NEW YORK - NOVEMBER 11: The Delany Medical Center advertises for flu shots on November 11, 2009 in the Bronx. The medical center has experienced higher than average interest in the shots as they have supplies of both the seasonal flu vaccine and the H1N1 vaccine. Due to limited supplies and nationwide concern over the flu, the web browser Google unveiled a new service yesterday which will assist people in finding the closest places to receive their seasonal and H1N1 flu shots. (Photo by Spencer Platt/Getty Images)
New York City is launching a new hotline that will provide concerned residents with information on what to do if they or a family member feels sick with flu-like illness.
The NYC Flu Line with launch tomorrow, a press release obtained by NBCNewYork said.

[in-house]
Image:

Callers with symptoms of influenza will be connected to registered nurses, who will provide information and advice on whether to seek care. For concerned patients who don’t have or can’t reach a regular health care provider, NYC FluLine is an alternative to standing in line at a hospital emergency department, the City said.
“The city is activating the NYC FluLine to help New Yorkers decide if they need medical care for symptoms that might be a sign of influenza,” said Dr. Thomas Farley, New York City Health Commissioner.
On Sunday it was reported that turnout is way up at swine flu vaccine clinics the city is holding at public schools around the city.
A total of 7,784 people were vaccinated at seven schools on Saturday. That's compared to only 1,701 on Nov. 7, the first day of the weekend vaccination clinics.
City health officials set up the weekend clinics to vaccinate middle school and high school students. After turnout was light on the first weekend they expanded the pool to include pregnant women, people who care for infants and adults with underlying medical conditions.
The swine flu vaccine is being offered to elementary schoolchildren at school.
The weekend clinics continue until Dec. 13.